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Clean Energy Tax Incentives for Higher Education

Higher educational institutions may benefit from clean energy tax incentives in the Inflation Reduction Act. Read on for details on some of the tax credits. 
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In 2022, Congress passed the Inflation Reduction Act (IRA), which includes a host of tax incentives intended to accelerate investment in clean energy solutions in every sector of the economy. Higher educational institutions, both public1 and private including tax-exempt organizations, stand to benefit from these incentives.

This article discusses some of the tax credits available to educational institutions under the IRA, especially if your organization is considering investing in any of the following activities:

  • Building new energy-efficient buildings
  • Making ongoing improvements to existing facilities
  • Installing solar panels
  • Purchasing a new fleet of vehicles, e.g., buses, transportation for parking lots, etc.
  • Installing charging stations for electric vehicles

Note that many of these credits are available as a base amount with additional bonus credit amounts available. The first bonus amount is a five-times multiple if certain prevailing wage and apprenticeship requirements are met. The IRS provided initial guidance discussing the prevailing wage and apprenticeship requirements. For certain credits, the amount of the credit also can increase up to 10 percentage points if the project meets certain domestic content requirements for steel, iron, and manufactured products. In some cases, an extra 10% bonus credit may be claimed on projects in an “energy community.”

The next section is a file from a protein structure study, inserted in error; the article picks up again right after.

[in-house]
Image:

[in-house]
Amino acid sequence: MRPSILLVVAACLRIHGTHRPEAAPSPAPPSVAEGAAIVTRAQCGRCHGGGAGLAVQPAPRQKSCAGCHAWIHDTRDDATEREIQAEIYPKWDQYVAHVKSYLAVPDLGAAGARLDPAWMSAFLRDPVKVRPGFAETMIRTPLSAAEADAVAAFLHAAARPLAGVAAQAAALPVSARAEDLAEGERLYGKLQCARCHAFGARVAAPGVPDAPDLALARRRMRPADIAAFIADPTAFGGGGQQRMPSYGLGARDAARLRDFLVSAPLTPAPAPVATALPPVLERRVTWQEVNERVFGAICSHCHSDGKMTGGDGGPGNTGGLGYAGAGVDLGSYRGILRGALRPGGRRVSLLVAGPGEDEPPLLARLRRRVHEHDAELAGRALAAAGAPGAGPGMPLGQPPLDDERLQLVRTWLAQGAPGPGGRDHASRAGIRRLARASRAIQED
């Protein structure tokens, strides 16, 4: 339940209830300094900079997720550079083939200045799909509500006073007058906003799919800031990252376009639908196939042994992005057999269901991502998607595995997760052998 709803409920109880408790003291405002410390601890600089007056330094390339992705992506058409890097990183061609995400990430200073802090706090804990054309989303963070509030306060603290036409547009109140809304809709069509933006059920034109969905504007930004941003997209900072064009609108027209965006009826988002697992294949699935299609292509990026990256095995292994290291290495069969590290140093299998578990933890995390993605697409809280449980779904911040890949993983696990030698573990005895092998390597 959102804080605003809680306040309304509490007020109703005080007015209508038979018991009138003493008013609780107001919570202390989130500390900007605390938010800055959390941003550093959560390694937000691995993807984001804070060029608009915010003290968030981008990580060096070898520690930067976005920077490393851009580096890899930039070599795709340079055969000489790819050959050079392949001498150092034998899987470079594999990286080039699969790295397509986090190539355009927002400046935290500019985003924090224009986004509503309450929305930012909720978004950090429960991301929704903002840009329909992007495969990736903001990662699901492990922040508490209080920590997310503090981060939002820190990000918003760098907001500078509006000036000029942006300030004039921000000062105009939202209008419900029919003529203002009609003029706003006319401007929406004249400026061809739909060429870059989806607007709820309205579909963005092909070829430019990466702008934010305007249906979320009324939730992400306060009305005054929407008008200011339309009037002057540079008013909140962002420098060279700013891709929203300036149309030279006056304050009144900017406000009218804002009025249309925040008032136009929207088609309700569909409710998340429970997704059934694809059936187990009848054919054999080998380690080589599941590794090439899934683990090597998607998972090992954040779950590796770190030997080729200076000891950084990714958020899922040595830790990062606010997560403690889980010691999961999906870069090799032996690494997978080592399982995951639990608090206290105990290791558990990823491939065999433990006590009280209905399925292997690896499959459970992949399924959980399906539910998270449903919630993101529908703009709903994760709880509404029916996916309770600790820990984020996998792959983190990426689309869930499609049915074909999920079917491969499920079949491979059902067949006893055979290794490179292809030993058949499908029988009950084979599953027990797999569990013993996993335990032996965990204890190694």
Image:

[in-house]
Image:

Some of the tax credits discussed below may be transferred or elected as “direct pay.” Tax-exempt entities, states and political subdivisions, the Tennessee Valley Authority, Indian tribal governments, Alaska Native Corporations, and rural electricity cooperatives may elect to treat IRA tax credits as “refundable” tax credits. All other taxpayers have the option to transfer and sell certain tax credits to unrelated third parties. Credits may only be transferred once and must be taken in the taxable year in which the credit is determined or in the following year.

With the direct pay option, many of these tax credits may be used as cash grants that help offset costs of the energy-efficient investments your institution is considering over the next 10 years. For a full list of such tax credits and more information for how educational institutions can take advantage of these incentives, view FORsights™ article, “Nonprofit & Governmental Organizations to Benefit from Tax Credit Opportunities in the IRA.”

Investment Tax Credit (ITC) for Energy Property

For projects beginning construction prior to January 1, 2025, the IRA provides a credit of 6% (base amount) of qualified investment costs of a renewable energy project. Fuel cell, solar, geothermal, small wind, energy storage, biogas, microgrid controllers, and combined heat and power properties are eligible for this tax credit. Note that for geothermal heat property, the base investment tax credit is 6% if construction begins before January 1, 2033, and then phases out to 5.2% for construction beginning after December 31, 2032 and 4.4% for construction beginning after December 31, 2033 and before January 1, 2035.

The credit amount can increase in three ways:

  • By five times the base amount for projects meeting prevailing wage and apprenticeship requirements,